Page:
They currently have more than 34,000 members. NYSNA is a strong union for RNs. They fight to protect nurses’ rights, a safe well-staffed working environment, fair wages and benefits, and to ensure members well-being. NYSNA believes that nurses have a right to participate in decisions affecting them as employees and professionals (NYSNA). I interviewed Ms Helen Dunn, a registered nurse for more than twenty years. For the past ten years she has been a union delegate of the New York State Nurses Association (NYSNA).
Ms Dunn is an immigrant from Namibia, Africa and she firmly believes that workers are to unite in order to achieve more. During the interview she made reference to her father who was a miner, and a union member. While growing up she observed her father and his co-workers unite as a union so there was only one voice on issues of wages, safety, benefits and work conditions. This personal experience influenced her decision to become a union delegate. Recently one of the main issues facing nurses in New York was mandatory overtime. Since 2000, NYSNA proposed a legislation to ban mandatory overtime for nurses.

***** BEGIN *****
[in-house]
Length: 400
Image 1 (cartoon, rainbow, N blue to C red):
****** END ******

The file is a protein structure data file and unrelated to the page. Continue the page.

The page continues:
It prohibited employers from requiring nurses to work beyond their “regularly scheduled work hours. ” In August, 2008 the bill was signed to take effect July, 2009. It was proposed by the Office of Professions that working beyond 16 hours is a willful disregard for patient safety and could result in a charge of unprofessional conduct (NYSNA). Therefore nurses now can quote the mandatory overtime law when their employers require them to work past their scheduled hours. I also discussed with Ms Dunn health and safety for employees.